Have you been putting off finishing your will? Has it been on your to-do list for months, even years? You are not alone: over 57% of Canadians do not have a will and millions have wills that need to be updated. If you're wondering why you need to get a will, keep reading.
First, let's start with the basics.
What is a will?
Your will (or last will and testament) is a legal document that outlines your wishes after you pass away. This includes how you want to distribute your assets, such as property or money, and also outlines guardians/custodians that you would want to care for minor children and pets after you die. Your will is also where you name who you’d like to settle your affairs on your behalf – known as an executor.
Now that you know what a will is, here are some reasons why you need one:
7 reasons why you should have a will
1. Creating your will is the catalyst for having important conversations
A common excuse we’ve heard from those who have yet to create their will is “my family will know what to do if I die.” This assumption has caused family friction too often since death, grief and loss can make decision-making highly emotional.
Instead, the process of writing a will and putting your decisions down in writing takes the burden off your loved ones to guess (and challenge) what your wishes would be. This is the time to tell your chosen executor and guardians that you’ve chosen them, and make sure they are up to the task.
2. You decide who will be in charge of closing your estate
You may have family and friends who love and care for you but still would not be up to the task of closing your estate upon your passing. Your will is the opportunity to choose the right person as your executor. Someone in your life who you not only trust but who has the capacity—time, energy, organizational skills—to serve in this role.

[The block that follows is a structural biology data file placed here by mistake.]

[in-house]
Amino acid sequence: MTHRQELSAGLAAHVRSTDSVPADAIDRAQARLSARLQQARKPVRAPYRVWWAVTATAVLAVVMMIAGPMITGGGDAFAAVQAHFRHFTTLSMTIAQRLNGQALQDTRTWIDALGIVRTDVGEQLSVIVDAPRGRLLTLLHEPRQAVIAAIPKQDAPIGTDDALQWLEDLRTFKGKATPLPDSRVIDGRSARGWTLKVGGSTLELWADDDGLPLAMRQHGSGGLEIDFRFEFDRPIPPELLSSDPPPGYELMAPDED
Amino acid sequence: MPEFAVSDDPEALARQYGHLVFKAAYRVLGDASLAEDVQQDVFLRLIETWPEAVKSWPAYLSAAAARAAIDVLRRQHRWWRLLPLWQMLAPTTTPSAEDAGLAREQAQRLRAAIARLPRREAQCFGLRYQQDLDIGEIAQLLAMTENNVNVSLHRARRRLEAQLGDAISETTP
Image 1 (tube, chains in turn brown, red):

The person you choose as your executor shouldn’t be written in stone either, as things can change over the course of your life. With Willful, you can come back and update your choices anytime, free of charge.
3. An important relationship in your life could be ignored by the courts
When you die without a will (known as dying “intestate”) provincial legislation will dictate how your estate is distributed and may impact important relationships in your life that are not recognized by these laws. Common-law partners and other dependants you wish to provide for are vulnerable if you die without a will.
4. You have an emergency plan in place for your minor children and dependants
No one wants to think of a tragic event that could leave a child or children without their parents. This thought exercise will never (ever) be easy, but avoiding it altogether is also not an option. Your will tells your loved ones and the courts who you’ve entrusted to provide care and support for your child or children. While this decision should not be made lightly, it’s important to get this in writing and avoid the turbulence that could ensue because there was no plan in place. Here’s a guide we wrote on what to consider when choosing a guardian.